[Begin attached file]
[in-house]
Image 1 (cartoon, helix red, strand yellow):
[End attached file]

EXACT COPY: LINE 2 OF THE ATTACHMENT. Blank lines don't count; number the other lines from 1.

Image 1 (cartoon, helix red, strand yellow):